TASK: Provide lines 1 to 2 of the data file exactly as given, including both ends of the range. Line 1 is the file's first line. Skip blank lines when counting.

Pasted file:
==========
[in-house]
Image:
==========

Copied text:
[in-house]
Image: